Every page that uses that template will show the footer chunk in that location. If you decide to change the text or HTML of the footer, you just edit the FooterChunk and the new version will appear on all your pages. If you want the footer somewhere else on the page, you just move the tag in the template. Another kind of tag in MODX is the "resource content" tag (usually referred to as a "content" tag for short). In MODX, each web page corresponds to a document stored in the MODX database. When you create a new page for a MODX web site, you're presented with a form that you can fill in with information about the document. There are text input fields for a Title, Longtitle, Description, Summary, Alias (to be used in the URL), Content (the main content of the page) and Menu Title (automatically used in menus). There are checkboxes that indicate whether the document is published and whether it should be hidden from menus. There are also date fields to indicate future publication or unpublication dates and the date when the document was published. There are other fields as well, but here again we see the flexibility of MODX — all the fields except the Title and Alias are optional! Every page has to have a title and something to put in the URL of the page, but it's entirely up to you whether to use the other fields or not. What goes in the other fields is also largely up to you. You almost certainly want to put the main content of the page in the content field, but you don't have to. If you want to use the Long Title field to store the astrological sign of the user profiled on the page, go right ahead. To get back to the "content" tags, they represent the fields of the form. When MODX sees a content tag, it replaces it with the value of the named form field. At the spot where you want the main content of the page to appear, for example, you put this tag in the template:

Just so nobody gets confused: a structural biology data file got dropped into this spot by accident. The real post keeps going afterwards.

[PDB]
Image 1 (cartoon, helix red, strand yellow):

Where you want the Long Title of the page to appear (if you want it at all), you put this tag:
For the main title, you'd use this tag:
If you decide you want the Title or Long Title to appear somewhere else, you just move the tags in your template. If you don't want to show the Long Title, you remove the tag from your template. If you want whatever is in the Long Title to appear in the page footer, you can even move its tag into the FooterChunk we mentioned earlier. To use an unlikely example, you could even put the URL of the path to the CSS file you want to use for the page into the Long Title field and put this tag in the head section of your template:
<link rel="stylesheet" type="text/css" href="[[*longtitle]]" />
MODX is very simple-minded when it comes to tags. When it sees a MODX tag, it replaces it with what it represents. It doesn't care what it is or why you're putting it there. It assumes that you know what you want and acts accordingly. There's no struggling to figure out what MODX wants or why it's not doing what you want because it just does what you tell it to. Trust me, it's a pleasant change from having to deal with a CMS that thinks it knows more about what you want than you do, or has preconceived notions about how things should be displayed or where they should be located.